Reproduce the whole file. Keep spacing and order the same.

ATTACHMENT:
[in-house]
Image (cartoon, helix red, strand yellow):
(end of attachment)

[in-house]
Image (cartoon, helix red, strand yellow):